My last post spoke of the cost shift hospitals invoke when their reimbursement fails to cover expenses. The thinking goes, Medicare pays $800 for a bed day, and it cost $1000, so charge commercial plans $1200 to balance the ledger.
It is a simple case and the math is obvious, right?
I also cited a number of studies and reviews that challenge this thinking.
In health care, nothing is simple and many external forces determine costs and rates. Remember, Medicare does not bargain; they pay one fee, adjusted for regional and labor trends—to the tune of 40% of hospital revenue, on average. Medicare is always on the radar and is omnipresent.
However, hospitals invest in their lines of business differently, compete with neighboring systems, and negotiate rates with payers based on their market power. They also service patients with varying affluence levels.
Our family members may prefer one hospital to another because of reputation, deserved or not, and their amenities. Large employers must offer these hospitals as choices to satisfy the needs of their employees, and often, pay commensurately higher rates as a result. This dynamic likely affects their cost structure.
Hospitals assiduously study their bottom lines (with their costly regulatory requirements we all know about), certainly, but how efficient are they, even after respecting their fixed and local market outlays.
Consider whether hospitals in concentrated markets, i.e., with market power and ability to command high rates from commercial payers, profit from Medicare patients? Remember again, Medicare pays one adjusted rate, whether it is Miami or Duluth.
Many of you are familiar with the phrase, “Medical Industrial Complex,” a derivation of Eisenhower’s Military-industrial complex, which connotes the need for hospitals to build and invest—in perpetuity, with technological grandiosity, and boundless scale. If Medicare cannot “accommodate” this investment, hospitals reconcile with those who will. It is of interest then, to investigate whether institutions with this market power “lose” with Medicare, and those without it turn a profit—out of necessity. Two recent studies are instructive in this regard.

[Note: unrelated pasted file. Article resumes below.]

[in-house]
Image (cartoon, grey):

I will forgo long descriptions, but the more recent of the studies compares two groups of hospitals, with and without market power (defined by HHI), and the commercial and Medicare reimbursement they receive for seven invasive procedures. See table #1 below:
I have highlighted stenting. Contrasting the costs of Medicare and private insurance, they are similar at $13K versus $11K (from hospital level data). Now, compare the payments–$16K versus $26K, and the profit: $2K versus $14K. This disparity is consistent throughout. Now glance at table #2:
You logically assume the “paltry” payment from Medicare will break the backs of all hospitals. However, if you examine hospital profits in competitive markets, it is plain that Medicare margins are consistently positive, and compared with private payments obtained yield a higher ratio than those of their (concentrated or “non-competing”) counterparts.
In other words, hospitals in a competitive space will cost reduce and operate more efficiently. No “dollar for dollar” cost shifting and “passing the losses” on to commercial payers.
But then, how are hospitals in dominant markets (here and here—hint to San Franciscans and Bostonians), obtaining these favorable rates? More notably, will it continue, can our market sustain it, and how will it affect us, the docs on the front lines? I will rejoinder this in Part 3.
I hope the befuddling notions of cost following price, versus price following cost, are now becoming sharper.